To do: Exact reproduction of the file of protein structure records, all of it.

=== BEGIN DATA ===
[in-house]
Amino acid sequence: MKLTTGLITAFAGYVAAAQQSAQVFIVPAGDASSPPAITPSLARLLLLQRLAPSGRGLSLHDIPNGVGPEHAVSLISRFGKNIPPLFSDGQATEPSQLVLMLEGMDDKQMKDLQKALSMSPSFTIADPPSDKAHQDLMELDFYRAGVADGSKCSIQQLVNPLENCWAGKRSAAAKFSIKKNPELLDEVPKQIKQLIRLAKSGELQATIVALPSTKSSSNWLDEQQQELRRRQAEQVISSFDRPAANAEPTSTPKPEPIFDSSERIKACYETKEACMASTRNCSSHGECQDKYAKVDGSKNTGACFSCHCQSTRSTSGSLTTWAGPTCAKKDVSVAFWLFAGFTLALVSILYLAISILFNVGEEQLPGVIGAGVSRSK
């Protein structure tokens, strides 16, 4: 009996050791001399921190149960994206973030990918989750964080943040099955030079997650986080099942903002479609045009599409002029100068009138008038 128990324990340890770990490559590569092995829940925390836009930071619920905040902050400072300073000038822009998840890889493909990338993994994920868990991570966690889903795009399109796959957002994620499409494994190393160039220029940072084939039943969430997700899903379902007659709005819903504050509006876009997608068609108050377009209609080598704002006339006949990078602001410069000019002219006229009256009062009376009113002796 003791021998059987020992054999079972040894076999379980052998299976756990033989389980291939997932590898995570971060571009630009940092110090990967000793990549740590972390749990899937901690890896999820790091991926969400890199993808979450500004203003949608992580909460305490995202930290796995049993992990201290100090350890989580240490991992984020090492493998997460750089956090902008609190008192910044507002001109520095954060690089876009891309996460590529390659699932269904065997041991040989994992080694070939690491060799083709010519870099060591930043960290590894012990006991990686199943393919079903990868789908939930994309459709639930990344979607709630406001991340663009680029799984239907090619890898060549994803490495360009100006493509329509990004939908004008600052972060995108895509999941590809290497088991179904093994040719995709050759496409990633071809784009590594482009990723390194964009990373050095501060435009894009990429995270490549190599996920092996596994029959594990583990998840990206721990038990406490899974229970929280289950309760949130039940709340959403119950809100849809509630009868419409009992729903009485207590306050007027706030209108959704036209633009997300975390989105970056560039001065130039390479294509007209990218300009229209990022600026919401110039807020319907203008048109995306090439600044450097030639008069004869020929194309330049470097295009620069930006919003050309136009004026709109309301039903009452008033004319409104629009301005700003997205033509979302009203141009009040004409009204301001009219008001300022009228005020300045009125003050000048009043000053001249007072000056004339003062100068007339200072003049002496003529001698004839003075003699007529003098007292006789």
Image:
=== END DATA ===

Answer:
[in-house]
Amino acid sequence: MKLTTGLITAFAGYVAAAQQSAQVFIVPAGDASSPPAITPSLARLLLLQRLAPSGRGLSLHDIPNGVGPEHAVSLISRFGKNIPPLFSDGQATEPSQLVLMLEGMDDKQMKDLQKALSMSPSFTIADPPSDKAHQDLMELDFYRAGVADGSKCSIQQLVNPLENCWAGKRSAAAKFSIKKNPELLDEVPKQIKQLIRLAKSGELQATIVALPSTKSSSNWLDEQQQELRRRQAEQVISSFDRPAANAEPTSTPKPEPIFDSSERIKACYETKEACMASTRNCSSHGECQDKYAKVDGSKNTGACFSCHCQSTRSTSGSLTTWAGPTCAKKDVSVAFWLFAGFTLALVSILYLAISILFNVGEEQLPGVIGAGVSRSK
């Protein structure tokens, strides 16, 4: 009996050791001399921190149960994206973030990918989750964080943040099955030079997650986080099942903002479609045009599409002029100068009138008038 128990324990340890770990490559590569092995829940925390836009930071619920905040902050400072300073000038822009998840890889493909990338993994994920868990991570966690889903795009399109796959957002994620499409494994190393160039220029940072084939039943969430997700899903379902007659709005819903504050509006876009997608068609108050377009209609080598704002006339006949990078602001410069000019002219006229009256009062009376009113002796 003791021998059987020992054999079972040894076999379980052998299976756990033989389980291939997932590898995570971060571009630009940092110090990967000793990549740590972390749990899937901690890896999820790091991926969400890199993808979450500004203003949608992580909460305490995202930290796995049993992990201290100090350890989580240490991992984020090492493998997460750089956090902008609190008192910044507002001109520095954060690089876009891309996460590529390659699932269904065997041991040989994992080694070939690491060799083709010519870099060591930043960290590894012990006991990686199943393919079903990868789908939930994309459709639930990344979607709630406001991340663009680029799984239907090619890898060549994803490495360009100006493509329509990004939908004008600052972060995108895509999941590809290497088991179904093994040719995709050759496409990633071809784009590594482009990723390194964009990373050095501060435009894009990429995270490549190599996920092996596994029959594990583990998840990206721990038990406490899974229970929280289950309760949130039940709340959403119950809100849809509630009868419409009992729903009485207590306050007027706030209108959704036209633009997300975390989105970056560039001065130039390479294509007209990218300009229209990022600026919401110039807020319907203008048109995306090439600044450097030639008069004869020929194309330049470097295009620069930006919003050309136009004026709109309301039903009452008033004319409104629009301005700003997205033509979302009203141009009040004409009204301001009219008001300022009228005020300045009125003050000048009043000053001249007072000056004339003062100068007339200072003049002496003529001698004839003075003699007529003098007292006789």
Image: